Serratia marcescens bacteremia traced to an infused narcotic

Belinda E. Ostrowsky, Cynthia Whitener, Helen K. Bredenberg, Loretta A. Carson, Stacey Holt, Lori Hutwagner, Matthew J. Arduino, William R. Jarvis

Research output: Contribution to journalArticle

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Abstract

Background: From June 30, 1998, through March 21, 1999, several patients in the surgical intensive care unit of a hospital acquired Serratia marcescens bacteremia. We investigated this outbreak. Methods: A case was defined as the occurrence of S. marcescens bacteremia in any patient in the surgical intensive care unit during the period of the epidemic. To identify risk factors, we compared patients with S. marcescens bacteremia with randomly selected controls. Isolates from patients and from medications were evaluated by pulsed-field gel electrophoresis. The hair of one employee was tested for fentanyl. Results: Twenty-six patients with S. marcescens bacteremia were identified; eight (31 percent) had polymicrobial bacteremia, and seven of these had Enterobacter cloacae and S. marcescens in the same culture. According to univariate analysis, patients with S. marcescens bacteremia stayed in the surgical intensive care unit longer than controls (13.5 vs. 4.0 days, P<0.001), were more likely to have received fentanyl in the surgical intensive care unit (odds ratio, 31; P<0.001), and were more likely to have been exposed to two particular respiratory therapists (odds ratios, 13.1 and 5.1; P<0.001 for both comparisons). In a multivariate analysis, receipt of fentanyl and exposure to the two respiratory therapists (adjusted odds ratio for one therapist, 6.7; P= 0.002; adjusted odds ratio for the other therapist, 9.5; P=0.02) remained significant. One respiratory therapist had been reported for tampering with fentanyl; his hair sample tested positive for fentanyl. Cultures of fentanyl infusions from two case patients yielded S. marcescens and E. cloacae. The isolates from the case patients and from the fentanyl infusions had similar patterns on pulsed-field gel electrophoresis. After removal of the implicated respiratory therapist, no further cases occurred. Conclusions: An outbreak of S. marcescens and E. cloacae bacteremia in a surgical intensive care unit was traced to extrinsic contamination of the parenteral narcotic fentanyl by a health care worker. Our findings underscore the risk of complications in patients that is associated with illicit narcotic use by health care workers.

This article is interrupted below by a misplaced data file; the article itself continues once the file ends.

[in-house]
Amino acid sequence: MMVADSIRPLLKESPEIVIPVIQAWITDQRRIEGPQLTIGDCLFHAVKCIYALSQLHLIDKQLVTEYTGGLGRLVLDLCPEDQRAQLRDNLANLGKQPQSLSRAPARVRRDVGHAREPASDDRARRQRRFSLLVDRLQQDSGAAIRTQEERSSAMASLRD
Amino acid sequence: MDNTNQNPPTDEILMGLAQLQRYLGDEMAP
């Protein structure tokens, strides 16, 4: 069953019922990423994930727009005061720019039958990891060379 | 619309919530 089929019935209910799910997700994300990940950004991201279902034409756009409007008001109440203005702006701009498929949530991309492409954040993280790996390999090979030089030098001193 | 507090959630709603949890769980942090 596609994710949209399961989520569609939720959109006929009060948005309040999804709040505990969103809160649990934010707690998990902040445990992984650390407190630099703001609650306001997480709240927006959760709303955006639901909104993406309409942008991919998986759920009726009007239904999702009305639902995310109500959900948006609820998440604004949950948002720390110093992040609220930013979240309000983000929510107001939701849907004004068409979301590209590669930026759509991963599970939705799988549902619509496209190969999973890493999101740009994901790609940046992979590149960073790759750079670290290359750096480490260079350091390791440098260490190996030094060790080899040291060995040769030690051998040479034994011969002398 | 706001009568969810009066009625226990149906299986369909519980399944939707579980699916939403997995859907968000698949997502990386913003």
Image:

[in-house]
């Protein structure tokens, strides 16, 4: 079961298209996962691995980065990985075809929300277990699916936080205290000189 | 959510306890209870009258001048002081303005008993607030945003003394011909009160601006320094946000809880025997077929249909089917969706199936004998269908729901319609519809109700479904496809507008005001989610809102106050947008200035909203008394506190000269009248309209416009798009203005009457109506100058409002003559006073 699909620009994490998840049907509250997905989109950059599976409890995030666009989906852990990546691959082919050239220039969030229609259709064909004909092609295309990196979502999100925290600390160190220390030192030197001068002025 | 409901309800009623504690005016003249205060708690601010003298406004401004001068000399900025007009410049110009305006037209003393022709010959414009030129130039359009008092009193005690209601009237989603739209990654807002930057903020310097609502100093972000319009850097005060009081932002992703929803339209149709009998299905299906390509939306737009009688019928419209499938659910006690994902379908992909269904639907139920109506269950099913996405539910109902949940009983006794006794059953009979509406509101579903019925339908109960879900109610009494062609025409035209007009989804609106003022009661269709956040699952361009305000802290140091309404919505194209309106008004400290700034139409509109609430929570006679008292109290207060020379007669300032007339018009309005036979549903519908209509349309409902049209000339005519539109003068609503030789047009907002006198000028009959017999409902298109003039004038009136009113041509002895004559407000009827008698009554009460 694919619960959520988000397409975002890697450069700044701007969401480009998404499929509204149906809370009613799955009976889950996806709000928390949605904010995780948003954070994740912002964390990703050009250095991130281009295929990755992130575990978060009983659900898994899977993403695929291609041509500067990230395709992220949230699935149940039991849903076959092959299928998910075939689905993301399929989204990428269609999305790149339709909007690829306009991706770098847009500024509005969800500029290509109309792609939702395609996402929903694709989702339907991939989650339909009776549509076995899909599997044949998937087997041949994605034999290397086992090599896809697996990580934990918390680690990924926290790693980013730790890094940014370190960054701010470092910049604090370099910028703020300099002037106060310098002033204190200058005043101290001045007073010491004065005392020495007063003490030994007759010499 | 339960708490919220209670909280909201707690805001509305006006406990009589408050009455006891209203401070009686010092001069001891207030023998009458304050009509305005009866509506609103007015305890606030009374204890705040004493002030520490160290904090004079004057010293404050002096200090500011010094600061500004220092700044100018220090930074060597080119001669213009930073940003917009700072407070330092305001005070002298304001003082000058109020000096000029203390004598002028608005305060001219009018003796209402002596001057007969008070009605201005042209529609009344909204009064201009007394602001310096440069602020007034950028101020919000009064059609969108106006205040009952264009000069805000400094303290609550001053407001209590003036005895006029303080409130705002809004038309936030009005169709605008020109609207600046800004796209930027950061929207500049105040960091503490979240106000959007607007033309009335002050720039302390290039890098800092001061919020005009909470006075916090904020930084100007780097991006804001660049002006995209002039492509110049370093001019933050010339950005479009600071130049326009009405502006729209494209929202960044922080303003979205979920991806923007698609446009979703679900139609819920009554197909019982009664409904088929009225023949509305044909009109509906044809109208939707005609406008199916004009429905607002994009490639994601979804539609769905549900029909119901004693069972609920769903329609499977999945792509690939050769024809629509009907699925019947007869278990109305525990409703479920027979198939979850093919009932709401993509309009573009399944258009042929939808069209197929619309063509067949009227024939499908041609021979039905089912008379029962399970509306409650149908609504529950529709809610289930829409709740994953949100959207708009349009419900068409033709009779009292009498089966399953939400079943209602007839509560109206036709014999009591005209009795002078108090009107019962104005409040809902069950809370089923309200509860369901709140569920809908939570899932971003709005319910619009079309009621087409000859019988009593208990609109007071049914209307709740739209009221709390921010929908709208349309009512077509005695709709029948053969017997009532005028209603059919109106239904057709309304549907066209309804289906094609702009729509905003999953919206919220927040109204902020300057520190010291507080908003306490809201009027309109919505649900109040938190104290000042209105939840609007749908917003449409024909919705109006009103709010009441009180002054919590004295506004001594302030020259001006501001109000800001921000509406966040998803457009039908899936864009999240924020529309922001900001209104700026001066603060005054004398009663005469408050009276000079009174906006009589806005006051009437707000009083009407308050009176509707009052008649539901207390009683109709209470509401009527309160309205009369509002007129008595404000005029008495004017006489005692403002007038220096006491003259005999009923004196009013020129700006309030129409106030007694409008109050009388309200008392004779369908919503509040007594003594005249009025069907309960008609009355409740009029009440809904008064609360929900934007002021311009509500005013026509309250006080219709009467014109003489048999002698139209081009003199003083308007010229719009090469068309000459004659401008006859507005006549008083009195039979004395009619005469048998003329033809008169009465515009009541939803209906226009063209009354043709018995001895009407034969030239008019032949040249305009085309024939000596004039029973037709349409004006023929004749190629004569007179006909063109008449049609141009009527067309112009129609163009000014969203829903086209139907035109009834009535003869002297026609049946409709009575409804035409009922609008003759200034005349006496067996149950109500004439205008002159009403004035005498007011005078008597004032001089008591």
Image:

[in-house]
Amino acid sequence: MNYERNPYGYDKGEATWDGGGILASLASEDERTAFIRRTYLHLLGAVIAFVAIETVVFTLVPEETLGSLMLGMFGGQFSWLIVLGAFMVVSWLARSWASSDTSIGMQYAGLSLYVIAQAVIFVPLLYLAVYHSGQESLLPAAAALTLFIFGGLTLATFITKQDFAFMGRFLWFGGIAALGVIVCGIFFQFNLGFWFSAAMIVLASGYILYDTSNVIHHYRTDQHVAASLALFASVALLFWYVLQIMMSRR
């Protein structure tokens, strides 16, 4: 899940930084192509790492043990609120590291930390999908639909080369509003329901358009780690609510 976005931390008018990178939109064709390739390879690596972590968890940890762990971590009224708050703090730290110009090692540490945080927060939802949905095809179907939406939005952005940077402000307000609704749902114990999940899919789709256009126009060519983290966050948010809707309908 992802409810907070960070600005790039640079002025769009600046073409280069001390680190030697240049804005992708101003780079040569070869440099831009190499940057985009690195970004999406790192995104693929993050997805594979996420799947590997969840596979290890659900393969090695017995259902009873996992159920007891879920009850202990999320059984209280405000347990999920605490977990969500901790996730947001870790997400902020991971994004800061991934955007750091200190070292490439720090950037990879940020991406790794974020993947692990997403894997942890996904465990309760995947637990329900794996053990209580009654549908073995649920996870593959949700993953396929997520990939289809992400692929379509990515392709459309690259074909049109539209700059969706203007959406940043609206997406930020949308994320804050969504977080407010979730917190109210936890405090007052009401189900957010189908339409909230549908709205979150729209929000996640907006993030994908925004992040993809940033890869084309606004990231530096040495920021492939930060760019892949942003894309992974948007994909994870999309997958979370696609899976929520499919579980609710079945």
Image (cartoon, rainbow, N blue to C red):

Original languageEnglish (US)
Pages (from-to)1529-1537
Number of pages9
JournalNew England Journal of Medicine
Volume346
Issue number20
DOIs
StatePublished - May 16 2002
Externally publishedYes

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Serratia marcescens
Narcotics
Bacteremia
Fentanyl
Critical Care
Intensive Care Units
Enterobacter cloacae
Odds Ratio
Pulsed Field Gel Electrophoresis
Hair
Disease Outbreaks
Delivery of Health Care
Multivariate Analysis

ASJC Scopus subject areas

  • Medicine(all)

Cite this